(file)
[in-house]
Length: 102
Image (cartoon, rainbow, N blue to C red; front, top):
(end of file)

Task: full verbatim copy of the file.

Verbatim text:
[in-house]
Length: 102
Image (cartoon, rainbow, N blue to C red; front, top):